Discussion of Scotland’s Ferries was brought to the Scottish Parliament on Wednesday 6th of November in a debate raised by the Conservatives who questioned the resilience of the service.
Leading the debate for the Tories, Jamie Greene said:
“When the weather becomes an issue, our vessels and docks are not geared up for those weather events. Having an ageing fleet means that those vessels need more maintenance than newer vessels; it means that, when they need maintenance, they have to go offline; it means vessel replacement; and it means taking a ship from one route and putting it on to another. It is not simply about mechanical breakdown; an ageing fleet has a much wider effect than that.”
Local MSP Rhoda Grant also hit out at the Scottish Government’s ferry provision and condemned the government for not listening to local people.
Rhoda Grant said:
“This Government’s record in providing ferry services has been abysmal.
“When Loch Seaforth was built for the Stornoway to Ullapool route, the community wanted two smaller boats. This would enable more sailings in the summer and provide cover throughout the fleet in the winter for dry-docking.
“Instead, the Government gave them one large vessel that does not provide sufficient capacity in the summer and sails half empty in the winter.”
Since RET (Road Equivalent Tariff) was introduced, reducing the fares for vehicles, the number of tourists wishing to visit the west coast islands has increased substantially.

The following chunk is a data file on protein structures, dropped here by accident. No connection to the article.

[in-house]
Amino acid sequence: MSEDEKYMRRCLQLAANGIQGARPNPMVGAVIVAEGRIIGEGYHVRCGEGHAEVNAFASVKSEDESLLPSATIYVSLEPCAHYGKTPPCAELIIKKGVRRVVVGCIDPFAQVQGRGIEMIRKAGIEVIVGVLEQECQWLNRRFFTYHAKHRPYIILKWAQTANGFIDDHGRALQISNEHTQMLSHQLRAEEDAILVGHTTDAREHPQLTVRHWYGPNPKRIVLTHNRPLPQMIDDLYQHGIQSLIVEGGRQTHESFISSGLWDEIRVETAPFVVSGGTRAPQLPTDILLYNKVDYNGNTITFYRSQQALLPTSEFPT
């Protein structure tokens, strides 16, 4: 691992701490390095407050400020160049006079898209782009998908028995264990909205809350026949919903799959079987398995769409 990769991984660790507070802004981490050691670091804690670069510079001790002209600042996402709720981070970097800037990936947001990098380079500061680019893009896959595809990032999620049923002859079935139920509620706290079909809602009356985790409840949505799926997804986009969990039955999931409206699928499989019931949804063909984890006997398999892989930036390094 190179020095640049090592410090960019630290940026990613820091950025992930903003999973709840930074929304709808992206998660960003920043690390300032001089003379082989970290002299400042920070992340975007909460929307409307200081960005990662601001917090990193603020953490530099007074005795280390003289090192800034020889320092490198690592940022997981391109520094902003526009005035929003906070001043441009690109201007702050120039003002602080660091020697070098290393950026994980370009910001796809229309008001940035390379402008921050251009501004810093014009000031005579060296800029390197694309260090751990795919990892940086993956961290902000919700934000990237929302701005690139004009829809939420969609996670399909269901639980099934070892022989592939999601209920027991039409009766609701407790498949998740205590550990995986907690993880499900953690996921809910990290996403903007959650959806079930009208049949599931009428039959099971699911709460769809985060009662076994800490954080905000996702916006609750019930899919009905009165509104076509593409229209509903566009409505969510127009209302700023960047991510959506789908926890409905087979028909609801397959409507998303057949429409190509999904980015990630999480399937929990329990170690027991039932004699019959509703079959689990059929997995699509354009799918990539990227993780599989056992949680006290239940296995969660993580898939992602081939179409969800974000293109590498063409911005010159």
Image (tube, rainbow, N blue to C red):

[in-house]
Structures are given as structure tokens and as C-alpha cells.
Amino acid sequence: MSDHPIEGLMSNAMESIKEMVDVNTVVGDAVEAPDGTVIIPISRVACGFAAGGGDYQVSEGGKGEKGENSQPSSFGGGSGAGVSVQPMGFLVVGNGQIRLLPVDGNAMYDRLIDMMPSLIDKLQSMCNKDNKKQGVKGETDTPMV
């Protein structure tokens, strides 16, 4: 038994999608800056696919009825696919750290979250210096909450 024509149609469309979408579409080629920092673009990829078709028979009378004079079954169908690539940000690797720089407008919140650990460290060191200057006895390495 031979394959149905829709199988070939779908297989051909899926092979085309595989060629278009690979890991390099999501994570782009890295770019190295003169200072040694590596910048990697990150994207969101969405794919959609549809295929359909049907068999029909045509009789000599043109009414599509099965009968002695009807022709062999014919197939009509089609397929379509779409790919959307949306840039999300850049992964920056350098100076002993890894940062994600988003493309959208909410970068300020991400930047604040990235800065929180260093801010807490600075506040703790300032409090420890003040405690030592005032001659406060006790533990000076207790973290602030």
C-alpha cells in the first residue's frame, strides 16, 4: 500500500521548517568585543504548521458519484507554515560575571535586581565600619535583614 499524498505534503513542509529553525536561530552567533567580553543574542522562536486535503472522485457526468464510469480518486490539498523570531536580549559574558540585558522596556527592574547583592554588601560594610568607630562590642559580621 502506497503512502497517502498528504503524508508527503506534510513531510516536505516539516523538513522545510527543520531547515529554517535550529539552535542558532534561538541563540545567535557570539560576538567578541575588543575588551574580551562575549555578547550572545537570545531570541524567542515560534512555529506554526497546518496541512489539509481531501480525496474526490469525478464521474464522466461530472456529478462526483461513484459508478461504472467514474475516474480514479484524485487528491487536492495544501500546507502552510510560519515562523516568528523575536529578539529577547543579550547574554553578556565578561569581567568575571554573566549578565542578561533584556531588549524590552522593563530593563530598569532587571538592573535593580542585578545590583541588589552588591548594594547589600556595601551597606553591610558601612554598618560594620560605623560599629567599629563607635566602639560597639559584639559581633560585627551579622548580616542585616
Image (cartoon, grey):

On RET Rhoda Grant said:
“The Government brought in RET, another flagship policy, but did so without providing any additional capacity. This means the very policy put in place to help islanders has had the effect of shutting them out of ferries.
“People travelling at short notice cannot get a place on the boat to make these journeys. People who need to get to hospital, to visit sick relatives and to attend funerals all find that they cannot travel. Port staff do their utmost to help but most people are now routed through the centralised call centre and do not get to speak direct to port staff.
Northern Isles Ferries
Turning her attention to the Northern Isles Rhoda Grant criticised the delays in awarding the contract which she claimed had “shut out the lowest bidder”. She questioned that there was not sufficient freight capacity in the Northern Isles Fleet.
Rhoda Grant also condemned the delays to the MV Glen Sannox and Hull 802 referring to it as a “vanity project.”
MV Glen Sannox and Hull 802 are dual-fuel ferries under construction at the Ferguson Marine Yard. They will be the first of their kind in the UK but hit extreme problems when Ferguson Marine went into administration. Ferguson Marine will be under the management of Macrocom, a company wholly owned by Scottish Ministers, with final contracts being signed in the coming weeks.
Derek Mackay, Finance Secretary in the Scottish Government said:
“Our focus has always been on ensuring completion of the two public sector ferries at the best value for money for the taxpayer, while also working towards the delivery of the other vessels under construction at the yard, and in doing so, securing jobs for the workforce.
“Today marks another important milestone in the transition into public ownership and I will also receive the Programme Review Board’s report on the schedule and cost for delivery of the two ferries shortly.